A mixture of color illustrations and black and white sketches convey flowers, people, items, animals, holidays, actions, and feelings that represent each of the letters of the alphabet. This would not be too different from a Richard Scarry book if it were not for Fujikawa's gorgeous illustrations. Not to take anything away from Mr. Scarry - his work definitely has merit. But Fujikawa's illustrations are in a league of her own.
Her work is delicate and detailed with definite influences from her Japanese heritage. The babies and children have simply drawn, blank, round faces with wispy heads of hair, but are somehow full of expression and emotion. The flowers, animals, and creatures are finely sketched, appearing more lifelike than the humans. Colored plates with gnarly trees or a light snow fall or an unwelcome rainstorm remind me of Japanese watercolor landscapes.
I remember flipping through this book for hours as a kid, absorbing all of the pictures. I was mesmerized. Some images - such as small children running from a witch on a broomstick on Halloween - have been firmly imprinted in my memory. Other illustrations carry so much detail, one could read the book repeatedly and still find something new to discover.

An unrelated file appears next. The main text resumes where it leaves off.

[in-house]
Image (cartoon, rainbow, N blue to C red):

But I particularly enjoy the darling little bits I have not seen drawn anywhere else. Showing actions, we see sketches of a little boy named Kenny who is kowtowing as well as a Peter who is pouting (lower lip protruding). We also find drawings of Nasturtium, Queen Anne's Lace and Edelweiss. In a children's book, no less!
I was so pleased to have found the 1974 edition of this book recently at a garage sale (my childhood copy had long since been annihilated by my little sisters). I love the bright colors of the cover versus the newer, darker cover. Hopefully, the inner content of the new edition has not been changed too much.
Attached are the two book covers. They were tough to find. The book is on Amazon, but no pictures.
[ed. note: doesn't sound too bizarre at all, but that's good; by now, I'm a little bizarre'd out.]